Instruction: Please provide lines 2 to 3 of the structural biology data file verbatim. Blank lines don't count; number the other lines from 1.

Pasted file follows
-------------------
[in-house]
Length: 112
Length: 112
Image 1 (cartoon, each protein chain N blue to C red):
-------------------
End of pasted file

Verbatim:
Length: 112
Length: 112